Microsoft punts the future of office into the cloud
Software giant highlights new virtual reality by moving its suite of programs off PCs and on to the net
Thursday 13 May 2010
Software doesn't come in a box any more. It doesn't come on a disk. It doesn't have to be stored on your hard disk. The pictures you take and airbrush, the word processor document containing your unfinished novel, the spreadsheet of your tattered finances – these don't have to be on your computer any more, and neither does the software that creates them.
Because Microsoft, the ultimate software-in-a-box company, made a big leap yesterday. With the launch of Microsoft Office 2010, the suite of famous products that includes Word and Excel, it has made a dramatic move into "cloud computing".
The "cloud" is only a geeky name for the internet, the vast world of data and applications that exists beyond your personal computer or smartphone and which you can get to with an internet connection and a web browser. The new version of Microsoft Office for business customers contains something called Web Apps, so that instead of keeping your documents stored on a single local computer, they are stored centrally by Microsoft and you can access them any time, from anywhere.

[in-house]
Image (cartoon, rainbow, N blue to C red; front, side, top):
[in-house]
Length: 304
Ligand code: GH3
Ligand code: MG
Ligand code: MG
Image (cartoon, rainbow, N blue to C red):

For the men and women in charge of corporate IT departments, that means they have to worry less about installing Office on every desktop throughout the organisation, saving time. Perhaps they need to buy fewer computers, saving money. Employees can work much more flexibly, and can collaborate on documents without having to constantly email different versions between them.
The "cloud" has been changing every aspect of computing, but the changes are coming increasingly fast. The desktop or laptop computer is withering in size and importance; in the future, it might need offer little more than a web browser, a gateway to the cloud. Microsoft is no pioneer here, but the alacrity with which it trumpeted the new features of Office 2010 means that cloud computing just came of age.
The new Office will "define the future of productivity", declared Stephen Elop, president of the company's business division. "With the 2010 set of products, organisations will save, innovate and grow as their people benefit from working across the PC, phone and browser."
It is the availability of speedy and reliable connections to the internet that have opened up this new world. Most of our social networking is done in the cloud: all the information, the pictures and the video that we share via Facebook or YouTube are uploaded and stored and accessed via the web. Whole applications that you used to have to buy in a box and install on your computer can now be reached entirely through the web browser, from personal tax calculation software to really complicated analytical tools used by business.
New software companies no longer aspire to sell their products for installation on desktop computers; the vast majority expect their business customers to want to access their wares via a web browser. The cost of starting and running software and internet companies has collapsed.